may need modification to use UTF-8 as file code. Because UTF-8 is basically
a multibyte character encoding format, programmers cannot assume that one
character is equal to one byte of input data. Therefore, their applications
must use functions that handle multibyte and wide-character data rather than
older functions that operate only on single-byte characters. For more information
on this topic, see
Writing Software for the International Market. For more information about UTF-8 and
UCS-4 encoding formats, see
Codeset converters are available to convert data between encoding formats that support the euro character. Codeset converters can convert file data between the following formats: Unicode encoding formats and the 874 and 125* codepages Unicode encoding formats and ISO 8859-15 (Latin-9)
For more information about these codeset converters, see
Depending on language and keyboard style, you can use particular key sequences to enter the euro character.
For any language and a keyboard that supports the Compose-character entry method, you can use the Compose key input method to enter the euro character. For Compose-key input, you press and release certain keys in sequence, starting with the key defined as the Compose key. For the euro character, use one of the following two sequences: Compose C = Compose = C
The following table lists more efficient key sequences that are supported for specific languages and keyboard styles. Note that the key sequences in the table are supported only by xkb format keymaps (which are the default for CDE users). When using these key sequences, you hold down the first key while pressing the other.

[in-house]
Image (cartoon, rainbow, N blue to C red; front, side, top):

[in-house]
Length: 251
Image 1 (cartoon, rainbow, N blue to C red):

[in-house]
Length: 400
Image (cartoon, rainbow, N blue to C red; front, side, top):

|Keymap Description||VT-Style Keyboard||PC-Style Keyboard|
|Belgian||Left Compose+E||Right Alt+E|
|Czech||Left Compose+E||Right Alt+E|
|Danish||Left Compose+E||Right Alt+E|
|Dutch||Left Compose+E||Right Alt+E|
|English Canadian||Left Compose+E||Right Alt+E|
|Finnish||Left Compose+E||Right Alt+E|
|Flemish||Left Compose+E||Right Alt+E|
|French||Left Compose+E||Right Alt+E|
|French Canadian||Left Compose+E||Right Alt+E|
|Swiss French||Left Compose+E||Right Alt+E|
|German||Left Compose+E||Right Alt+E|
|Swiss German||Left Compose+E||Right Alt+E|
|Hungarian||Left Compose+E||Right Alt+E|
|Italian||Left Compose+E||Right Alt+E|
|Lithuanian||Left Compose+E||Right Alt+E|
|Norwegian||Left Compose+E||Right Alt+E|
|Polish||Left Compose+U||Right Alt+u|
|Serb/Croat/Slovene||Left Compose+E||Right Alt+E|
|Slovak||Left Compose+E||Right Alt+E|
|Spanish||Left Compose+E||Right Alt+E|
|Swedish||Left Compose+E||Right Alt+E|
|Turkish||Left Compose+E||Right Alt+E|
|United Kingdom||Left Compose+4||Right Alt+4|
For more information about keyboards, keymaps, and character-entry methods,
The operating system does not provide native Unicode fonts that include
glyphs for the euro character. However, the character is supported by a set
of Latin-9 fonts. The X font library has been extended to combine a number
of fonts together to provide logical Unicode fonts for applications to use.
The names of these logical fonts end with
can use the
utility to find out if these fonts
are installed on your system.
Printing of file data in UTF-8 format is supported by a generic PostScript
print filter. See
for information on how to configure this print filter.
Commands: xlsfonts(1X), wwpsof(8)
Others: code_page(5), i18n_intro(5), i18n_printing(5), iconv_intro(5), keyboard(5), l10n_intro(5), Unicode(5)
Writing Software for the International Market